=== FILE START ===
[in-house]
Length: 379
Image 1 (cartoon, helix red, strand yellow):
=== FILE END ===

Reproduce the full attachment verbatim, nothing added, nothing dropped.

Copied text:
[in-house]
Length: 379
Image 1 (cartoon, helix red, strand yellow):